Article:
When should you have a Home Inspection?
When people think of having a home inspection, they typically associate it with buying a house. But that’s only a part of our business. Just as you take your car to the mechanic for regular oil changes, or go to the doctor when you’re sick, there are times when you need to know about the condition of your home, even if it’s not part of a purchase process.
Before putting your house on the market, it’s wise to get a home inspection to identify issues with the property that you may not have been aware of, but which can create a nasty surprise when your buyer’s inspector finds them. At that point, you could lose the sale, and will then have to disclose those defects anyway to any other potential buyer. Instead, find out what the condition is before listing the property. Then you and your agent can discuss how best to proceed; the easiest is to simply list the house “as is” and have a copy of the report available for any interested people to look at. Your agent can make it clear that the listing price has already taken all the issues in the report into account, so there’s less chance of having to negotiate based on what the buyer’s inspector reports.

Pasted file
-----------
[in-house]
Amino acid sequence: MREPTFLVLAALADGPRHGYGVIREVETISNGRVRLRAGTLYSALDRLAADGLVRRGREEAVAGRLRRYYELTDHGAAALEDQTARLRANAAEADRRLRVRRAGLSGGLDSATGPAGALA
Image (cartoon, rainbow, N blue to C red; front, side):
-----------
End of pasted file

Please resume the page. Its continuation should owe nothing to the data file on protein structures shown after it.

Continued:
Just like your annual checkup with the doctor, or your pet’s Rabies vaccination, houses need regular checkups too. If you’ve been in your home for 7-10 years, there are systems and components that may need either servicing or replacement. There could also be safety equipment that wasn’t required when the house was built, but could be upgraded to prevent injury or damage. Maybe building standards have changed, or you’ve noticed that there are some new cracks in a wall. A home checkup inspection can tell you what needs attention now, and what to plan for in the near future.
Even brand-new houses can have problems. Sure, you will do a walk-through with the builder, but you probably don’t have any idea what the trouble signs are when you’re looking at the forest of wall framing, and have to take their word for it as to the condition. Even builders who say they have their own inspector come through prior to closing don’t like to admit that those inspectors are focusing mostly on cosmetic issues, and not things like improperly installed furnaces, or plumbing connections with the wrong fittings.
If you’ve inherited the family homestead but haven’t lived there in several decades, you may not have an idea of its condition, or what systems are not working right, or are due for replacement. This is crucial information if you are unsure whether you will be keeping the home or putting it on the market. A home inspection gives you the unbiased view, presented without judgment, without overwhelming you when you are dealing with a loss. Also, this article has some excellent advice on how to prepare for inheriting a house, and what to do when the time comes.